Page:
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Nueva Vizcaya

The tranquil province of Nueva Vizcaya is situated about 260 kilometers north of Metro Manila. It lies at approximately 16deg30'N and 121deg 10'E, as a gateway to the Cagayan Valley Region.

Geographically, Nueva Vizcaya is surrounded by the provinces of Ifugao (north), Isabela (northeast), Quirino (east), Aurora (southeast), Nueva Ecija (south), Pangasinan (west) and Benguet (west). It is also nestled by three mountain ranges: the Sierra Madre (on the east), the Cordillera (on the west) and the Caraballo (on the south). It has also a number of rivers, which all flow into the great Cagayan River. Such situation yields to cooler climate, hilly topography, and enchanting sceneries, characteristics which make the province quite enticing to outdoor and environment enthusiasts.

The early settlers of this province were the Ilongots, Igorotos, Ifugaos, Isinais, and Gaddangs, and later on, immigrants from nearby provinces. The province of Nueva Vizcaya was a part of the "Territorio de Missiones" in the early 19th century. This was a group of territories in the eastern half of northern Luzon, under the government of Cagayan, which was manipulated by the Spaniards. The province was given the name "Nueva Vizcaya" after Mar de Vizcaine, a coast in northern Spain.

In May 24, 1839, Nueva Vizcaya was made into a separate politico-military province. In May 1856, when the province of Isabela was formally created, a large portion of the northern territory of Nueva Vizcaya were given to the new province, but still, it maintains a vast area of territory. At present it has 15 municipalities and 274 barangays, with Bayombong as its provincial capital, Solano as its commercial capital, and Kayapa as its summer capital. In the year 2000, the population of Nueva Vizcaya reached 366,692. Ilokano is the major dialect of the province, being used by 66.9 percent of its residents. Many natives around the towns of Solano, Bagabag, Bayombong and nearby municipalities also speak Gaddang.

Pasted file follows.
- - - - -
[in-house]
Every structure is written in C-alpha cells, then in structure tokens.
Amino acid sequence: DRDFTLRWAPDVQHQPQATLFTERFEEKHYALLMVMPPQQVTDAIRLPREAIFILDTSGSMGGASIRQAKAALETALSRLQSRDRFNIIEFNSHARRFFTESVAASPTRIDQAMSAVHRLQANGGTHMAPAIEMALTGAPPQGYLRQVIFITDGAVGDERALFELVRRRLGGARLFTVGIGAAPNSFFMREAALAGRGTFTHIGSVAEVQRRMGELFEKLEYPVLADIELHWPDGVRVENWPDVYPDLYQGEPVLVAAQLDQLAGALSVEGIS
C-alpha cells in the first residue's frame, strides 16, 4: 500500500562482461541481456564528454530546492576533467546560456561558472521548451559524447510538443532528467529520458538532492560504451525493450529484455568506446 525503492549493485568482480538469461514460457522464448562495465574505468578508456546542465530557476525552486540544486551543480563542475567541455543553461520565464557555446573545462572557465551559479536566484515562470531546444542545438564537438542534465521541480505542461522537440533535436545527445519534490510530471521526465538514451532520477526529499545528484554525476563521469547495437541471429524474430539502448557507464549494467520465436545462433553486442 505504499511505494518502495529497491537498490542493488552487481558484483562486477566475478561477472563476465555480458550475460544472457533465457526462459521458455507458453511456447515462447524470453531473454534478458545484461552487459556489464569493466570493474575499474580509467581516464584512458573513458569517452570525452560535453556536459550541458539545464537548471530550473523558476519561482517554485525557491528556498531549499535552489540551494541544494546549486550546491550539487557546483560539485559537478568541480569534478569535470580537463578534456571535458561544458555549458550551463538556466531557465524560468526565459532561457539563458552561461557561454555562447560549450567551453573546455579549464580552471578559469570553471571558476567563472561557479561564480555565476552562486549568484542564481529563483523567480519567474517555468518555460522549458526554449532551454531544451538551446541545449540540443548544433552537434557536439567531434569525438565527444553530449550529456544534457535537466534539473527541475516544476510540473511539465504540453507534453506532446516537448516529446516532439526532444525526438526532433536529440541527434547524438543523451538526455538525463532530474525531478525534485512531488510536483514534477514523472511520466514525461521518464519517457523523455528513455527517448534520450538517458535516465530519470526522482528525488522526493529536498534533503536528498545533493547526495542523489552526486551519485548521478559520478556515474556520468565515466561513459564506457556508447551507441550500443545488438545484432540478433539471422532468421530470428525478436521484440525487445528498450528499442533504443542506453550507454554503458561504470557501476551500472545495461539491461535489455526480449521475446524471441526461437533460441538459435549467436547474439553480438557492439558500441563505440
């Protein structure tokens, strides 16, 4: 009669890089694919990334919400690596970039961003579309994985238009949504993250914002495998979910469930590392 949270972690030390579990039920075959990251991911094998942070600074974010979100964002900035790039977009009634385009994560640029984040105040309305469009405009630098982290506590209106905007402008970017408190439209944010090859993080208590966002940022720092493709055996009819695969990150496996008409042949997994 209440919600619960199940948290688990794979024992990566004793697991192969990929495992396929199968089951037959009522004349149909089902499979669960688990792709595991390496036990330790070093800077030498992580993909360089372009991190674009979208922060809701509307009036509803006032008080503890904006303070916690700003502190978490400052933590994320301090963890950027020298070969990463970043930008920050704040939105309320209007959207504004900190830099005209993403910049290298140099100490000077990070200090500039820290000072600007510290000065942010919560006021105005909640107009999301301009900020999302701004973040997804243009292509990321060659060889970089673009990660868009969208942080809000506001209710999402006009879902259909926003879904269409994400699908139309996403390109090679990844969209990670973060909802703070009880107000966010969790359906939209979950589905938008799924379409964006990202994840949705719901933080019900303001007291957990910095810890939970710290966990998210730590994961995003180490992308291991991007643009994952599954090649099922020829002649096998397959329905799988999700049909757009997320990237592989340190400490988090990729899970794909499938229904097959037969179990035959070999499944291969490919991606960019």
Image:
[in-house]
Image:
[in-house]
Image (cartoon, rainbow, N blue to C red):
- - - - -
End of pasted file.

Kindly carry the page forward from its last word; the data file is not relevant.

Being a lush valley with cool climate, the province takes advantage of this by maintaining agriculture as its major industry. Trade and industry also contribute to its economic growth. Farming and cattle raising count as its primary agricultural activities, with palay and corn as its main crops. Vegetable production is also a large industry in the province. Fruit and vegetable exportation to Manila and other Asian countries contributes much to the province's income.

A visit to this bucolic province is a truly worthwhile experience for any nature-loving tourist. It is the gateway to the Mount Pulog National Park, which, at 2,922 feet above sea level, is Philippine's second highest peak. This park is home to the rare pitcher plant. Also found in this park is the Steere's pitta, one of the most beautiful Old World tropical birds. For the cave explorers, the Capisaan Cave System offers a pleasant adventure. It ranks as the fifth longest cave system in the Philippines and considered to be among the best. In these caves can be found rare calcite formations and stalagmite and slatactite formations, a fantastic treat for geologists.

Nueva Vizcaya also boasts of sites within its realm which are not only scenes of unforgettable beauty, but also rich historical areas. Dalton Pass, which lies on high altitude on the Nueva Ecija-Nueva Vizcaya boundary line, is a national shrine which honors the death of General Dalton during the second World War. Kirang Pass is another monument commemorating the heroic efforts of the World War 2 Filipino and Japanese soldiers. This is located in Barangay Kirang, a few kilometers away from the town proper of Aritao.



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